Courtesy B R Sanders

My Trans Son Isn't A "Disruption," He's A Goddamn Human Being

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When President Trump was elected, I worried about what his election meant for my transgender son. As the weeks since his inauguration have ticked by, I've only gotten more angry and uneasy. This feeling peaked on Wednesday morning, when Trump continued his efforts to roll back LGBTQ rights by announcing he would be banning transgender people from enlisting in the military. As the parent of a transgender child, Trump's trans military ban terrifies me.

Since Trump barreled into the White House six months ago, he's made a point of unraveling the few rights and protections transgender people have at the federal level. In March, he directed Betsy DeVos to overturn Obama's federal protections for transgender schoolchildren. On the heels of that decision, a long-awaited Supreme Court case on transgender children's school bathroom rights, G. G. vs. Gloucester County School Board, was bumped from the docket. Removing the federal protections for transgender schoolchildren makes these kids reliant on state-level protections, but these protections are spotty.

In 2016, President Barack Obama reversed a preexisting ban on transgender people serving openly in the military, a policy that was effectively reversed by Trump's tweets from this morning. Trump's reasoning for rolling back the Obama decision is different than what he gave for the school-wide protections. He doesn't want to give states control over transgender rights. Instead, he is barring transgender people from the military, a federal institution, because he claims that trans people are an expensive distraction.

When the president tweets that transgender people are unfit to serve in the military because their medical costs are too expensive and would cause a "disruption" among the troops, it is obvious that he knows very little about transgender people and health care.

He is assuming that all transgender people are undergoing medical transitions (which is not the case), and that those medical transitions are costly (which is also not the case). He is also assuming that cisgender troops will be unable to get past the idea that they are serving alongside a transgender person. But if this is, in fact, true, is this transphobic attitude something we want to encourage? Or is this something we want to change?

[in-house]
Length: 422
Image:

This is the kind of argument and language that leads transgender youth to attempt and commit suicide. These messages leave deep scars.

The re-implementation of a ban on transgender military personnel also ignores the fact that trans people have always been in the US military. Recently, a veteran from WWII came out as transgender. A ban on transgender military personnel would bring us back into the dark days of "don't ask, don't tell." This leaves trans people with a horrible choice: they can live in the closet and go into the service, which would likely result in gender dysphoria and being called by the wrong pronouns and by a name that psychologically cuts like a knife; or they can go into the service and try to pass, jumping through hoops to try to keep the fact that they are transgender under wraps. Neither option is a good one for transgender people, who are prone toward anxiety and depression as is.

Courtesy B R Sanders

Trump's policy reversal will have a devastating effect on the thousands of transgender service people in the military right now. But it will have devastating downstream effects on transgender youth, too. Trump is sending my transgender son the message that the fact that he is transgender is strange and discomfiting. He is saying to my son that he is unfit – not only for military service, but also to be among cisgender kids at school. He is saying that my son is not a boy, with the rights of a normal human boy. In the eyes of the President, my son is a transgender. And this is terrifying.

The idea that trans people are unfit to serve alongside cis people implies that they're not really men or women — they're just pretending to be either one.

This is the kind of logic that is devastating to transgender people. The idea that trans people are unfit to serve alongside cis people implies that they're not really men or women — they're just pretending to be either one. This implicit undermining of transgender soldiers' gender runs throughout Trump's reasoning for excluding them from active service, and it's also exactly what I, as Arthur's parent and advocate, fight against every day. This is the kind of argument and language that leads transgender youth to attempt and commit suicide in disproportionate numbers. These messages leave deep scars.

When it comes down to it, I don't think my son would ever really want to be a soldier. He's a gentle creature. When his friends start to fight, he's the one that steps in and mediates. But I also don't want the President of the United States prescribing what he can and cannot be on the basis of the fact that he is transgender. That is oppression. That is stigma writ large, and I can't help but wonder what next basic thing will be taken away from him before he's even old enough to consider the consequences.